Little did Jamie Pinkerton realize his kind gesture three decades ago would kick-start a wonderful career.
Call it a serious case of good karma that keeps on giving.
“Actually it was by mistake,” Montana’s softball coach said of his humble beginnings in his early 20s. “I have a sister that’s 10 years younger than me and she was trying out for a softball team and wanted to pitch.
“She wasn’t going to be a pitcher on the team she was on so we took some other young ladies that didn’t make travel teams and put together our own (16U) team, much like the Osprey or Avalanche here in Missoula.”
Actually Pinkerton’s father and a family friend planned to coach the team initially.
“But their jobs didn’t allow them to be there all the time and I kind of got talked into it,” Jamie said with a grin. “It was something I wanted to do. But it was also something I had no idea when it started it would lead down a career path.”
Born in Arkansas and raised in Oklahoma, Pinkerton took to coaching in an instant and honed his craft by listening.
“At that point I was like a sponge,” said Jamie, who will finish up a fortnight of Grizzly player tryouts this week. “I’d go to clinics and listen to other coaches talk. I’d go to ASA clinics. Get books.
“I still have some old drill books. I relied on my (American Legion) baseball background a little. Back when I was a kid, you played and you watched.”
Spend a few minutes with Pinkerton and it’s easy to understand why he’s lasted so long in a profession that requires patience and persistence. He’s an amiable and humble sort who looks you in the eye and gives it to you straight with a distinct southern accent.
Most important for the Grizzlies, he’s a proven program builder. When he accepted his first head coaching job at Tulsa 13 years ago, the Golden Hurricane had not posted a winning record in its near-decade-long history. In Pinkerton’s second season, Tulsa went 48-16.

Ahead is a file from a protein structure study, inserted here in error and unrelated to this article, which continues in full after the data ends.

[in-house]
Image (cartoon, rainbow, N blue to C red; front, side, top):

Jamie was so good – the 30 1/2-game turnaround has not been topped by an NCAA program since – that Arkansas hired him away in 2005. He led the Razorbacks to NCAA tourney appearances in 2008 and 2009 before resigning.
“I get asked the question all the time: You were successful, why did you leave Arkansas?” Pinkerton confided. “It was just one of those things the new athletic director Jeff Long wanted to go a different direction.”
Pinkerton moved on to Iowa State where he served as an assistant coach in his wife’s home state. He was happy there and learned some things from Cyclones skipper Stacy Gemeinhardt-Cesler.
But when he learned about the Montana opening, he jumped.
“It’s not an every-year thing where someone starts a program,” he offered. “There was a sense of excitement for me.”
Since arriving in Missoula in September, Pinkerton has been knee-deep in recruiting. In November he signed what the Grizzly sports information department calls “The Original Six,” all of whom are out-of-state preps.
Four hail from Washington and there’s one each from California and Oklahoma.
“They all have their story, reasons why they were still available and want to be part of the program,” Pinkerton said. “A lot of it when you get into recruiting is it’s about bells and whistles. They want to see the locker room and the facilities and the campus.
“With this, I think the intrigue of it is being new. They’re going to be the first team to ever put on the Griz uniform, wear the Griz colors. We sold that a lot. It sure wasn’t our (playing) facility because we haven’t built one yet.”